July 22, 2020 |
When Marilyn Monroe and Arthur Miller sought the quiet life, they found it in Amagansett.
Many houses out East boast rich histories and an impressive list of bold names who made them their homes. But very few can claim to be the spectacular backdrop to one of Hollywood’s most legendary romances. Amagansett’s 64 Deep Lane has not only hosted the likes of Ralph Lauren, Kurt Vonnegut and Terrence Stamp; during the summer of 1957 it was also the refuge of newlywedded Marilyn Monroe and Arthur Miller, who would sneak off to the cottage to fool the paparazzi camped out at their primary “Hill House” on Stony Hill Farm, a 100-acre oceanfront estate nestled between riding stables and potato fields.
The actress was already a fan of the area thanks to Lee and Paula Strasberg, her Actors Studio mentors who hosted Monroe on Fire Island in 1955. According to award-winning journalist Spencer Rumsey, smitten Monroe was taken by the local beauty. “What a lovely place this is—it’s got water all around it,” she famously remarked.
The windmill in Amagansett was another part of the local charm that delighted the actress. Set on a 5-acre property, the 1800s edifice was converted into a home in the 1950s by Fabergé perfume founder Samuel Rubin. Quaint and humble, the 1,100-square-foot, three-story structure featured just two bedrooms, one bathroom and the third floor with some remnants of the machinery from when the windmill was in operation. The location of the farm was equally remarkable. “Our rented house in eastern Long Island faced broad green fields that made it hard to believe we were so near the ocean,” Miller described in his autobiography Timebends. “Next door lived a painter and her husband who cherished their own privacy and thus defended ours. Now we could take easy breaths in a more normal rhythm of life.”
Their time in Amagansett alternated between bursts of creativity, domestic bliss and life-altering events. Miller worked on several projects, most notably a short story, The Misfits, published in Esquire magazine. He converted it into a screenplay that would become his wife’s final and arguably most critically acclaimed role. “I would not have written it except for Marilyn. I wrote it for her,” Miller was quoted saying in Christopher Bigsby’s Arthur Miller: 1915-1962. “It was the only time I did write anything for an actor and, had I not known her, I would not have begun such a thing. She had lost a child in early pregnancy, which really upset her a lot, so it was a kind of a gift. It was also the expression of a kind of belief in her as an actress.”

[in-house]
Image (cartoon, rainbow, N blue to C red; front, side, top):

During that summer Monroe’s star power had definitely surpassed her husband’s. Despite the Pulitzer Prize-winning author’s early success, his clout was fading. Miller’s forays into film writing had not been successful, and adding to his wounded ego was the fact that Monroe was paying his alimony to his former wife, Mary Slattery. Professionally, Monroe’s future looked promising with her role in 1959’s Some Like It Hot, which she allegedly prepared for while living at the windmill.
Still, domestic bliss in the Hamptons was on her mind. “Marilyn had decided to learn how to cook and started with homemade noodles, hanging them over a chair back and drying them with a hairdryer,” Miller wrote. “And she gave me hair trims out in the sunshine, and we walked the empty Amagansett beach in peace, chatting with the occasional commercial fishermen who worked their nets from winches on their rusting trucks.” Marilyn, who called herself MMM for Marilyn Monroe Miller, was often seen driving her black 1956 Thunderbird convertible around town with Hugo, a pet basset hound. One of her preferred scenic drives would usually end with a stop at the Springs General Store.
Sadly Monroe’s well documented health struggles continued to play a role. In the beginning of August that year, she was rushed to the city hospital for complications from an ectopic pregnancy that ended in termination. On another occasion, an East Hampton EMS team had to revive Monroe at home when she overdosed on sleeping pills.
Though the couple would divorce and Monroe would succumb to a suspected overdose, never to return out East again, Miller often visited his sister Joan Copeland at her Amagansett home. According to Bigsby, Miller kept a special memento from that summer. The bike Monroe used in the Hamptons would hang discreetly on the wall of his garage.
Photography by: Harold Clements/Daily Express/Hulton Archive/Getty Images